Slide 11Process Analysis & Improvement© Van Mieghem Inventory Turns in Retailing and Its Link to Inventory Costs Home Depot (1/30/2011) Wal-Mart (1/31/2011) Net Sales$67,997$418,952 Cost of sales$44,693$315,287 Net Income$ 3,338$ 15,355 Inventories$10,625$ 36,318 Months of Inventory If Wal-Mart carried the same months of inventory as Home Depot, its inventories would be I = This would tie up about $ billion extra in inventory.
Slide 12Process Analysis & Improvement© Van Mieghem Cash Conversion Cycle Measures duration between purchase of inventory and collection of accounts receivable: Cash Conversion Cycle= Days of Inventory + Days of Receivables - Days of Payables How long does it take between outlay of cash and collecting the reward? Inventory Accounts Receivable Accounts Payable Cash Cash-to-Cash Cycle
Slide 13Process Analysis & Improvement© Van Mieghem MBPF Inc.: Consolidated Statement
Slide 14Process Analysis & Improvement© Van Mieghem MBPF Inc.: Balance Sheet
Slide 15Process Analysis & Improvement© Van Mieghem Business Process Flows at MBPF, Inc: Cash to Cash cycle C2C = - Days payable + Days of inventory + Days receivables
Slide 16Process Analysis & Improvement© Van Mieghem Period EndingDec 31, 2010 Total Revenue34,204,000 Cost of Revenue26,561,000 Gross Profit7,643,000 Selling General and Administrative6,237,000 Operating Income or Loss1,406,000 Income from Continuing Operations Total Other Expenses Net130,000 Earnings Before Interest And Taxes1,536,000 Interest Expense39,000 Income Before Tax1,497,000 Income Tax Expense352,000 Net Income From Continuing Ops 1,152,000 Net Income1,152,000 Amazon Income Statement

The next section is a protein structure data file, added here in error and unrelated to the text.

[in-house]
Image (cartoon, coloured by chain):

Slide 17Process Analysis & Improvement© Van Mieghem Period EndingDec 31, 2010 Cash And Cash Equivalents3,777,000 Short Term Investments4,985,000 Net Receivables1,783,000 Inventory3,202,000 Total Current Assets13,747,000 Property Plant and Equipment2,414,000 Goodwill1,349,000 Intangible Assets- Other Assets1,265,000 Deferred Long Term Asset Charges22,000 Total Assets18,797,000 Accounts Payable10,372,000 Short/Current Long Term Debt- Total Current Liabilities10,372,000 Long Term Debt- Other Liabilities1,561,000 Total Liabilities11,933,000 Total Stockholder Equity6,864,000 Net Tangible Assets5,515,000 Amazon Balance Sheet
Slide 18Process Analysis & Improvement© Van Mieghem MBPF Inc.: Inventory and Cost of Goods
Slide 19Process Analysis & Improvement© Van Mieghem Raw Materials (roofs) Fabrication (roofs) $60.2/yr Labor & OH Assembly $25.3/yr Labor & OH Purchased Parts (bases) Finished Goods $6.5 $50.1/yr $40.2/yr $8.6 $15.1 $10.6 $110.3/yr $40.2/yr $175.8/yr $9.8 $175.8/yr MBPF Inc.: Detailed Financial Flows
Slide 20Process Analysis & Improvement© Van Mieghem MBPF Inc.: Detailed Flow Times
Slide 21Process Analysis & Improvement© Van Mieghem Where target improvement? Flow rate R ($/week) 0.96 Flow Time T (weeks) Accounts Receivable Finished Goods Assembly Fabrication Raw Materials Purchased Parts
Slide 22Process Analysis & Improvement© Van Mieghem Case: CRU Computer Rentals Linking Financial and Operational Flows & Targeting Areas for Improvement Handouts to be distributed in class